Correct. Especially with this kind of emotive issue. I have seen too often how some History teachers want to teach Joan of Arc, but not Agincourt; or child labour and slavery, but not the benefits of the Industrial Revolution or Imperialism; or the slaughter on the first day of the Somme, but not the reasons why Britain went to war or the way the BEF won it in 1918.

    2. "Furthermore, the ideas of Dresden a horrible experience and the Bomber Command and RAF being brave boys are not mutually exclusive."

    Agreed. So do both. And if you can't do both, do the first. And if you can't do the first, don't do the second, because if you do, you leave children with a skewed view of the past - a situation with which (as I said previously) I suspect a minority of History teachers would be perfectly happy.
     
  11. By the 'first', I mean of course the aims, achievements and costs of the Allied bomber offensive as a whole.

    By the 'second', I mean of course the issue of the 2 days' worth of ops against Dresden - 2 days out of nearly five years of war.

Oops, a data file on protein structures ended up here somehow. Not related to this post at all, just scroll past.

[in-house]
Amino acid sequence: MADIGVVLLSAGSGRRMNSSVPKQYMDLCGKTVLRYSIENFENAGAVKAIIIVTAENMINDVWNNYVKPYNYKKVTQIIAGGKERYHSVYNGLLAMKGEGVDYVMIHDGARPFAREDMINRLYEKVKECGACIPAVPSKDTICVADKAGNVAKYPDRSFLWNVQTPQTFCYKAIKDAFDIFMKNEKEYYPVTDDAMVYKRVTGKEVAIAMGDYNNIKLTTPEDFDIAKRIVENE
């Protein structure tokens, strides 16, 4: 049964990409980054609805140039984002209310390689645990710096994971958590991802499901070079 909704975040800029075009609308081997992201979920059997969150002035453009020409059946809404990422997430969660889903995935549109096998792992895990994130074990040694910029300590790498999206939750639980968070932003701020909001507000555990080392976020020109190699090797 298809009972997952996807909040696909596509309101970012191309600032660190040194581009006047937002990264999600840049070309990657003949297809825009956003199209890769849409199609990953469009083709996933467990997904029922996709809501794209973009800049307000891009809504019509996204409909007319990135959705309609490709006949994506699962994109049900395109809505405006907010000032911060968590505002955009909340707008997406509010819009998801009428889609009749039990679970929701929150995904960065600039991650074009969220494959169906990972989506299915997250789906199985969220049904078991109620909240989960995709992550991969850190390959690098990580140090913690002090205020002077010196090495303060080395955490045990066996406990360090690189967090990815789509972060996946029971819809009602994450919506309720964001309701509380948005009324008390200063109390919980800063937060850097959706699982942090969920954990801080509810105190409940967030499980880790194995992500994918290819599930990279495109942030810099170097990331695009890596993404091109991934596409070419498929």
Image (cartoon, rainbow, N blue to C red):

If you want a brief article on Dresden, see:

    http://en.wikipedia.org/wiki/Dresden_bombing
     
  12. I'll be fine without the wiki article thanks; I've read Addison's book. I recommend it to you (and, indeed to everybody)
     
  13. Thanks for the suggestion paladinstand......
     
  14. Isnt the whole exercise in teaching history an exercise in objectivity and overcoming bias which you seemingly suffer with. Is the death of innocent civilians in Germany any less significant than those in London or Coventry.
    One of the first golden rules in teaching history is to be aware and clear that 'Winners write it' so consequently it is a matter of course for the would be winner, no matter what conflict, or moral grounds to heap full responsibilty of blame on the losing party. I'm not defending Nazi policy by any means but like any conflict in the world including Vietnam and Later Iraq and Libya. It is to easy and lazy to teach as 'Goodies and Baddies'
    My personal Views are that bomber Harris was a war criminal but I present the facts and arguements allow free debate and let the children decide. Perhaps you should do the same.